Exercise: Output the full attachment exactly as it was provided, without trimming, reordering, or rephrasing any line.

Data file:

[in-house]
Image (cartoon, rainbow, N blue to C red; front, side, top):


[in-house]
Image (cartoon, rainbow, N blue to C red; front, side, top):